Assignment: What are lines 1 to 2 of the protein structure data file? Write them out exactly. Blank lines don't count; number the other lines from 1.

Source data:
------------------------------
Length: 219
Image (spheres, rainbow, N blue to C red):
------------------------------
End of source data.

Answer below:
Length: 219
Image (spheres, rainbow, N blue to C red):